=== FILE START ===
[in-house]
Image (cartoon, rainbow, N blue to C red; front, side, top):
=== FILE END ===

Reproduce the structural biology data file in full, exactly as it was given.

[in-house]
Image (cartoon, rainbow, N blue to C red; front, side, top):